Multipotent stem cells have the same basic features of all stem cells. As with all stem cells multipotent stem cells are unspecialized cells that have the ability to: Self-renew for long periods of time and differentiate into specialized cells with specific functions

A multipotent stem cell can give rise to other types of cells but it is limited in its ability to differentiate. These other types of cells are also limited in numbers. Examples of multipotent stem cells include those in the brain that give rise to different neural cells and glia or haematopoietic cells, which can give rise to different blood cell types, but they can’t create brain cells. Bone marrow also contains multipotent stem cells that give rise to all blood cell types but not other cells.

Hence, adult stem cells are considered multipotent because their specialization potential is limited to one or more cell lines. However, a multipotent stem cell known as a mesenchymal stem cell can give rise to several cell types. This particular stem cell has been found to give rise to bone, muscle, cartilage, fat, and other similar tissues.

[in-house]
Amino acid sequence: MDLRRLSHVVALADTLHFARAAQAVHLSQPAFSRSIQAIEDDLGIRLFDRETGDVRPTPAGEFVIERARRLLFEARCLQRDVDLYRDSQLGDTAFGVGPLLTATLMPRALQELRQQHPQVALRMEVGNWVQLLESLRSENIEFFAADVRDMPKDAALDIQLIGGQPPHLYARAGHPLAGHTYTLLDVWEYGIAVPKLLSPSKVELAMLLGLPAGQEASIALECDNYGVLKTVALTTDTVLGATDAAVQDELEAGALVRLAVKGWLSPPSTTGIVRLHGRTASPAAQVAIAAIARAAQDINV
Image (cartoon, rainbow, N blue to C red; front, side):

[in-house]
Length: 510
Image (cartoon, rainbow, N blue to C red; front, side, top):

Multipotent stem cells are essentially committed to produce specific cell types. They vary from stem cells such as pluripotent ones which can give rise to almost any cell type, or totipotent ones which can give rise to any cell, including the potential to create a complete organism. Pluripotent stem cells actually undergo specialization into multipotent stem cells, and then multipotent stem cells give rise to cells with a specific purpose and function. Multipotent stem cells can be likened to a family-although they do give rise to different cells, the cells themselves are within a certain family and therefore, are closely related.


Murnaghan, I. (2016). Multipotent stem cells. Explore Stem Cells. Retrieved from